The animal may have a smell that his body emanates, a smell that begins or gets stronger when in contact with him. The smell may cause a sensation and a reaction of disgust, for instance. In addition, animals may also expel bodily fluids, such as saliva, urine, or feces. The animal’s body waste adds an element of smell.

Amos was 9 years old when he came to therapy due to behavioral problems both at school and at home. He also suffered from encopresis, which he had never been able to recognize. Often, Amos came to a session with a strong smell of dried feces emanating from him, yet he always denied “smelling something in the room.” Amos became especially fond of constructing violent war scenarios with the toy soldiers and guns in the room. At first his affect was flat, or he would deny the violence in his play, but he eventually learned to express emotion appropriate to the storyline in the war scenes. However, he still was not able to express negative emotions about anything in his real relational world. He also became particularly fond of playing with the rats, making mazes for them to run through, cuddling with them, and playing games with them. Knowing that they like to hide in dark places, he put them inside a drawer. However, I (Nancy) heard them scratching, trying to get out, so we opened the drawer. Although their feces is usually dry and lacking in smell, we found that they had had bowel movements that were soft and noxiously smelly. I explained that this happens when they feel stressed or anxious about something, as they probably felt being shut in the drawer with no way to get out. Amos answered, “I sometimes have anxious kaki, too.” He then explained that recently he was supposed to appear in a school play, but that he was very anxious and frightened about it and did not want to participate. However, the adults forced him to appear in the play, and while standing on stage, he had “anxious kaki, just like with the rats.” After that, Amos was able to talk freely about the encopresis, telling me when it had happened and how he felt about it. Later he talked about how his eating habits changed according to his emotions. As he became freer to discuss his emotions, he began to confide in me his anger and fears concerning others in his life.

Water drips, a ball bounces, and paint spills. All of these actions are initiated by the client. Toys and art supplies are inanimate objects.
As a living organism, the animal has free will and initiates movement, choosing at any given moment to sleep, to react, to draw closer or to move away, to run quickly or walk slowly or to stay in place, to bare his teeth or to lick. He may move in familiar ways, expected by the client, or he may exhibit type, speed, and character of movement that is not familiar or expected. One client may laugh at the unexpected movement, while another may be startled. Each type of animal has a different type of movement, which each client may relate to in a different way depending on his or her inner world and emotional needs. A reptile will move very differently than a hamster. In the case of birds, the client will be confronted with flight. Many clients are very alarmed when a bird flies around in a room, and they show a great deal of fear of the wings. Others watch in wonder, wishing that they too could fly. There are clients who try to startle the bird into flight, some out of a desire to control, some out of aggression, and some out of a lack of understanding that the bird may be distressed. One dog may be calm and sleep most of the time, while another is lively and constantly running and jumping. Each client will react differently to the animal’s pace. One child may identify with the high energy of the lively dog, while another may be distracted or frightened. One child may feel contained by contact with a calm dog, while another may be frustrated by the dog’s slow pace.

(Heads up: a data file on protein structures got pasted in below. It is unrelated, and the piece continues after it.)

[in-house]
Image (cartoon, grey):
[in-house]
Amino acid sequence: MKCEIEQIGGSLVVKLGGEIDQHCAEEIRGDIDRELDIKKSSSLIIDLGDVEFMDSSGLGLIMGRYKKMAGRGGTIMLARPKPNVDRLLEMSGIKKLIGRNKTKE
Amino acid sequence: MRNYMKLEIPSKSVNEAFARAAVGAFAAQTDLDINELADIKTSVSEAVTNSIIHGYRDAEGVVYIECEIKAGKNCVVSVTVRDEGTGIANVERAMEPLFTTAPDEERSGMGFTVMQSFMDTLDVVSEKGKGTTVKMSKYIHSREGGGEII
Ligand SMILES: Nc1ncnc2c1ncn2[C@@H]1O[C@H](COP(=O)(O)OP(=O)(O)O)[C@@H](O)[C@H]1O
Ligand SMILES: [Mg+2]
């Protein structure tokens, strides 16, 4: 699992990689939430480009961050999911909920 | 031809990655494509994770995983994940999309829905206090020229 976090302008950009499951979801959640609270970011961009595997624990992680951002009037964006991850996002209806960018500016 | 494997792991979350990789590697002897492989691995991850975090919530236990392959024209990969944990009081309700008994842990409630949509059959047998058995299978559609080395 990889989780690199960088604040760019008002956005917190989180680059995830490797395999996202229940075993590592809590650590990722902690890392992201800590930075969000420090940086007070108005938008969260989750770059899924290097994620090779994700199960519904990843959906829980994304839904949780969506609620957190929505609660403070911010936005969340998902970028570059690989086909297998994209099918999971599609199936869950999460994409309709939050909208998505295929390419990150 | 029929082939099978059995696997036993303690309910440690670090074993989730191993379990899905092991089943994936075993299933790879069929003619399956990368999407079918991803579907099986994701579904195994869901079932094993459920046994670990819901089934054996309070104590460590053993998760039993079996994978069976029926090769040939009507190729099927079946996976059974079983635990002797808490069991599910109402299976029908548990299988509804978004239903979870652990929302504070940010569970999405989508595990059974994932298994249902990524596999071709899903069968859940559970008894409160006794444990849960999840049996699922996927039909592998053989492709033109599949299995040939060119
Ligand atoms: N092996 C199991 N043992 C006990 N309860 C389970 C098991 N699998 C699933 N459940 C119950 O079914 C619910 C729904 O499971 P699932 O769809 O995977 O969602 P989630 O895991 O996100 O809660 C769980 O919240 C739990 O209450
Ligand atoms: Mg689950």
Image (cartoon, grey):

The animal as a medium characterized by self-initiated movement is indeed unique. The animal has his own desire, or will, and he can choose to draw close or move away, to be passive or active, to move away from or toward. He may or may not agree to be controlled by the client, may or may not react, and may or may not initiate. There is a question of expectations within situations and interactions with another living being.
Human beings have an innate need for touch, which is basic to the human social experience. Touch may be calming, create trust, reduce anxiety, prevent feelings of isolation, and create conditions for emotional availability and openness. It also may represent threat, sexuality, control, or intrusiveness. As in any significant relationship, clients may seek out touch from the therapist; however, touch between clients and therapists is a complex issue and raises dilemmas. The therapist’s goal is to create a basic sense of security for clients, and touch may help when it is straightforward, simple, free of ulterior motives, for the good of the client, and in the control of the client. However, touch may also have a myriad of meanings for clients, depending on their past experiences (e.g., whether touch was forced on them or denied to them), and also whether the touch originates from transference issues (e.g., the therapist may represent a parental figure, an aggressor, or a sexual object). Clients may also incorrectly interpret touch from the therapist according to their psychological needs in terms of the content of their inner world and their past experiences.